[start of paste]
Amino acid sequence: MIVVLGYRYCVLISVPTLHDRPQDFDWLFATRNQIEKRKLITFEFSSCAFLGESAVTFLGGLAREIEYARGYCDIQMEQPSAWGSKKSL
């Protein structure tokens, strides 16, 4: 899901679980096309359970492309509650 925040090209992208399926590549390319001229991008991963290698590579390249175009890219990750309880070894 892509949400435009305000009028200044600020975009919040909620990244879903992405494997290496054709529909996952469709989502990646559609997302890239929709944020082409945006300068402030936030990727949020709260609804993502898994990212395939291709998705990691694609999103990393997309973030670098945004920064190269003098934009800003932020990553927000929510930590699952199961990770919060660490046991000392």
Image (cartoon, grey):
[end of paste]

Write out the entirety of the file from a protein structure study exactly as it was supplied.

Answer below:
Amino acid sequence: MIVVLGYRYCVLISVPTLHDRPQDFDWLFATRNQIEKRKLITFEFSSCAFLGESAVTFLGGLAREIEYARGYCDIQMEQPSAWGSKKSL
């Protein structure tokens, strides 16, 4: 899901679980096309359970492309509650 925040090209992208399926590549390319001229991008991963290698590579390249175009890219990750309880070894 892509949400435009305000009028200044600020975009919040909620990244879903992405494997290496054709529909996952469709989502990646559609997302890239929709944020082409945006300068402030936030990727949020709260609804993502898994990212395939291709998705990691694609999103990393997309973030670098945004920064190269003098934009800003932020990553927000929510930590699952199961990770919060660490046991000392």
Image (cartoon, grey):